Low-density lipoprotein-mediated delivery of docosahexaenoic acid selectively kills murine liver cancer cells

Lacy Reynolds, Rohit S. Mulik, Xiaodong Wen, Archana Dilip, Ian R. Corbin

Research output: Contribution to journalArticlepeer-review

33 Scopus citations


Aim: The natural omega-3 polyunsaturated fatty acid, docosahexaenoic acid (DHA), has recently been credited for possessing anticancer properties. Herein, we investigate the cytotoxic actions of DHA-loaded low-density lipoprotein (LDL) nanoparticles in normal and liver cancer cells. Materials & methods: LDL-DHA nanoparticles were prepared and subjected to extensive biophysical characterization. The therapeutic utility of LDL-DHA nanoparticles was evaluated in normal and malignant murine hepatocyte cell lines, TIB-73 and TIB-75, respectively. Results & discussion: The engineered LDL-DHA nanoparticles possessed enhanced physical and oxidative stabilities over native LDL and free DHA. Dose-response studies showed that therapeutic doses of LDL-DHA nanoparticles that completely killed TIB-75 were innocuous to TIB-73. The selective induction of lipid peroxidation and reactive oxygen species in the cancer cells was shown to play a central role in LDL-DHA nanoparticle-mediated cytotoxicity. Conclusion: In summary, these findings indicate that LDL-DHA nanoparticles show great promise as a selective anticancer agent against hepatocellular carcinoma.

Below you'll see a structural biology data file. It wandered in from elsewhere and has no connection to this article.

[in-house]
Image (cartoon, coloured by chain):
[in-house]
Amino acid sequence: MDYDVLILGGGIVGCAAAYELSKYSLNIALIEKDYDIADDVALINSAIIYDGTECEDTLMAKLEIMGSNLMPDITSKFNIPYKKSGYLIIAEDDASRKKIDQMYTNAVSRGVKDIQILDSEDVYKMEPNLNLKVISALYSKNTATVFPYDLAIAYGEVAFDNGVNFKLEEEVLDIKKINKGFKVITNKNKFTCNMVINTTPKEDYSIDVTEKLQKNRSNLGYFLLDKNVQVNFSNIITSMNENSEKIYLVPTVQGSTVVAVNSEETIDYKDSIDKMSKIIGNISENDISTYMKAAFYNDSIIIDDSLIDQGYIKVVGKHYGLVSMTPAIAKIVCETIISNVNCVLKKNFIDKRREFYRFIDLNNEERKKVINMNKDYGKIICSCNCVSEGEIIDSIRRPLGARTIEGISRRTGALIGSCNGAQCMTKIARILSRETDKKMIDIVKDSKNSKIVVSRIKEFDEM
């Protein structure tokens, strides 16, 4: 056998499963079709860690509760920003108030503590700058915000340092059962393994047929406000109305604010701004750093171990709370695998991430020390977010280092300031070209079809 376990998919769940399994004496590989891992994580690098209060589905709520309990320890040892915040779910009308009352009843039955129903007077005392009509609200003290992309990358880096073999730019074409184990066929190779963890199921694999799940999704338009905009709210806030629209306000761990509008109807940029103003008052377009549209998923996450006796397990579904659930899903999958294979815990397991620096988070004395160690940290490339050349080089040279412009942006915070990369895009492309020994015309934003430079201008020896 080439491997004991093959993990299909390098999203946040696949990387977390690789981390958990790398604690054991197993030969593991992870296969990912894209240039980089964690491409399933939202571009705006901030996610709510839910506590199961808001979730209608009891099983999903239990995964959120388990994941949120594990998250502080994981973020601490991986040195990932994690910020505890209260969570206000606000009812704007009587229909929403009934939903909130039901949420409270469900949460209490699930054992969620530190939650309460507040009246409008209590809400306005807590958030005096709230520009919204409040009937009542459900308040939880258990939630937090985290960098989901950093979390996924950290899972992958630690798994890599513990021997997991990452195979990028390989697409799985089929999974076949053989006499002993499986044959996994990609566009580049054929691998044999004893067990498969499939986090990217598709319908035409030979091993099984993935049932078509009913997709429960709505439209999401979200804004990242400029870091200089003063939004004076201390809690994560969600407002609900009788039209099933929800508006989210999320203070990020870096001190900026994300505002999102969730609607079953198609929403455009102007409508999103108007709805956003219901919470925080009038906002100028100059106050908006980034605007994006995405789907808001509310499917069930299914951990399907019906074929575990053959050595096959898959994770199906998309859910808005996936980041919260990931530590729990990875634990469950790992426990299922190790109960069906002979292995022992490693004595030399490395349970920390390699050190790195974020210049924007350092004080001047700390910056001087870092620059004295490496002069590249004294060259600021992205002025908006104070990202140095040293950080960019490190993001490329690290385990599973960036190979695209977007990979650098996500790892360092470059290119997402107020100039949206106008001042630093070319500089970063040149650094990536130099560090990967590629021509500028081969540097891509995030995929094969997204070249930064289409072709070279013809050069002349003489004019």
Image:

Original languageEnglish (US)
Pages (from-to)2123-2141
Number of pages19
Issue number14
StatePublished - Oct 1 2014


  • Docosahexaenoic acid
  • Liver cancer
  • Low-density lipoprotein
  • Low-density lipoprotein receptor
  • Nanoparticle
  • Omega-3 fatty acids

ASJC Scopus subject areas

  • Bioengineering
  • Medicine (miscellaneous)
  • Biomedical Engineering
  • Materials Science(all)


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